September 2011
Volume 11, Issue 11
Vision Sciences Society Annual Meeting Abstract  |   September 2011
Decoding the mismatch between expectation and sensory input
Author Affiliations
  • Benoit Cottereau
    Department of Psychology, Stanford University, USA
  • Justin Ales
    Department of Psychology, Stanford University, USA
  • Anthony Norcia
    Department of Psychology, Stanford University, USA
Journal of Vision September 2011, Vol.11, 267. doi:
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      Benoit Cottereau, Justin Ales, Anthony Norcia; Decoding the mismatch between expectation and sensory input. Journal of Vision 2011;11(11):267.

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      © ARVO (1962-2015); The Authors (2016-present)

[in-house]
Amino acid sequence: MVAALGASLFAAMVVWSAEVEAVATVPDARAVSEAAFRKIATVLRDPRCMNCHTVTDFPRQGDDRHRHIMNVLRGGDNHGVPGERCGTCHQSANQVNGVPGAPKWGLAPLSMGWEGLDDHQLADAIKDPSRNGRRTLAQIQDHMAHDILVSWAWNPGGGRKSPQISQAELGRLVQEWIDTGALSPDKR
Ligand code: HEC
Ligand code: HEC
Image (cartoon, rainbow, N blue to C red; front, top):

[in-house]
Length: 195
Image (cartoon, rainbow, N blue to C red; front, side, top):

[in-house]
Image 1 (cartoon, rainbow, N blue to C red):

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A regular temporal pattern sets up the expectation that the pattern will continue at the same pace. Because of this expectation, we easily notice random, intermittent changes in a regular pattern, e.g., ‘a missing beat’. Here we use high-density EEG to determine whether early visual areas only encode the physical stimulus or also contain representations of the expected sensory input. In a dynamic random dot stereogram, subjects viewed a 5 deg disparity-defined disk that repetitively (1 Hz) moved forward and back 6 arcmin from an annular surround (12° diameter) presented in the fixation plane. Intermittently (30% of time), the pattern changed; either the disparity step was doubled to 12 arcmin or was omitted. The subjects were asked to detect these changes in the pattern. We compared responses from trials where changes, whether doubled or omitted, were correctly identified (hits) with responses from trials in which no change occurred, again correctly identified (correct rejects) within several fMRI-defined ROI's in visual cortex. In V3A and LOC, the early response, consisting of a peak at about 200 ms, reflected the magnitude of the disparity modulation. It was absent when the step was omitted, present for the regular step and enhanced when the step was doubled. However, later components of the response to the detected intermittent changes in modulation, i.e. the hits, were very similar. By time-locking the response analysis to the button press we determined that these later components occurred at a fixed timing relationship to the subject's response. Our results suggest that areas V3A and LOC may encode a mismatch between the expected temporal pattern and the actual sensory input, permitting the subject to correctly identify the change and that activity in these areas is causally related to the timing of the decision as reflected by the button press latency.


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